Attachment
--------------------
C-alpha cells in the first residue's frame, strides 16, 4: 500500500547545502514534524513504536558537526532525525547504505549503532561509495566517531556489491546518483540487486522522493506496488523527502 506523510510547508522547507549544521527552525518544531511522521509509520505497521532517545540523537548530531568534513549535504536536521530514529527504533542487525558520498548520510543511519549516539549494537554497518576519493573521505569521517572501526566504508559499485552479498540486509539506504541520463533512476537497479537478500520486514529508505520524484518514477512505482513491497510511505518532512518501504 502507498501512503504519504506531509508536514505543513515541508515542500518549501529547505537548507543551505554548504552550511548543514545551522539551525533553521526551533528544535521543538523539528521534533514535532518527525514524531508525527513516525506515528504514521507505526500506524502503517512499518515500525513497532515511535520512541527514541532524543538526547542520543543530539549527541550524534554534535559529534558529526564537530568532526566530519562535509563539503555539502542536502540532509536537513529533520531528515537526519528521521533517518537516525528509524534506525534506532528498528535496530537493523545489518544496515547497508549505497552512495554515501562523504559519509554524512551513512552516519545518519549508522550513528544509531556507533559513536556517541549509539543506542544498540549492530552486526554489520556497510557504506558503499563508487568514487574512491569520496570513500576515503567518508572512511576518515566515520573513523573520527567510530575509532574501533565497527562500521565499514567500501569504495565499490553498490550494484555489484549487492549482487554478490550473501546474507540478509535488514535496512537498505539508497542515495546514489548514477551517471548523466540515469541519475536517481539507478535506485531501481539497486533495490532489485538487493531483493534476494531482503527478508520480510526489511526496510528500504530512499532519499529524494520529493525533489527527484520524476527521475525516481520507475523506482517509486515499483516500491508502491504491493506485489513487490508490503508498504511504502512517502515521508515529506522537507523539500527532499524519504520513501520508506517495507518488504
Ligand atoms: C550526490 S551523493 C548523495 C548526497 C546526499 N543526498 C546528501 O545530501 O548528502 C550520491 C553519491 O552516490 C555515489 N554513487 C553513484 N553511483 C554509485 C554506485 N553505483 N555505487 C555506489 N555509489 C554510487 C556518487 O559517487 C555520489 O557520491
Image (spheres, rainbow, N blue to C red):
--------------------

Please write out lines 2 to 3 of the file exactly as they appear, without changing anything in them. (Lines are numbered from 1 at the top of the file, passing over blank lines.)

Ligand atoms: C550526490 S551523493 C548523495 C548526497 C546526499 N543526498 C546528501 O545530501 O548528502 C550520491 C553519491 O552516490 C555515489 N554513487 C553513484 N553511483 C554509485 C554506485 N553505483 N555505487 C555506489 N555509489 C554510487 C556518487 O559517487 C555520489 O557520491
Image (spheres, rainbow, N blue to C red):